Posted on 16 May 2010 by sarah mann
We are thinking of moving house and have just sold ours for £157,000. We bought it 2 years ago for £174,000 and put down a 5% deposit. Our current mortgage amount is £167,000 so we would move with £10,000 negative equity.
We have seen a house which we would hope to purchase for around £150,000 but it needs about £30,000 spending on it to finish it off. We have had a mortgage approved from Nationwide for about £242,000 so feel our circumstances and finances could easily stretch to the £150,000 mortgage we would require.
Our problem is we would need cash to do the property up (we have deposit etc available but nothing left to do the work) and wondered what, if any, our borrowing options are? We are as certain as we can be (in these uncertain times!)that property done up would be worth much than the mortgage and loan, and that perhaps we could look to remortgage when the works had been completed? We are really interested in doing this as we feel it would be a good investment, but have no idea how to start or even if we can start at all!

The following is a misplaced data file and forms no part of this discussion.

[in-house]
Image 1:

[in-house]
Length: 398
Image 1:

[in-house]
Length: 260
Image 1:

Sarah & Simon
This is a common issue where improvements are required or refurbishment work is required. Lenders do not like to release any additional funds until the work has been completed and borrowers can't start the work until they have the money to pay for it.
The most common solution to this is to borrow the money for the refurbishments from another source. The problem with this is it tends to be expensive and all to often people do not have the facility arranged to repay the additional lending once the work has been completed.
I recommend that you put together a schedule of works, together with any building plans if you are considering any major works and give this to your Lender when you submit the mortgage application. They can then pass these to the Valuer ask him to give a current value and an improved valuation based on the work you are planning. Based on this information and an assessment of your personal circumstances they should be able to offer you a mortgage to complete the purchase and make a retention of further funds to be released on completion of the works. The benefit of this is that the additional funding will definitely be in place and it will probably be at the same product rate as the main body of your mortgage. You should check this.
How you raise the money for the short term, will depend on the equity available in the property and if there is sufficient for a Bridging provider to consider a secured second charge. It may be that you have to arrange an unsecured personal loan.
I recommend that you speak to an independent mortgage adviser about your situation and the options open to you.
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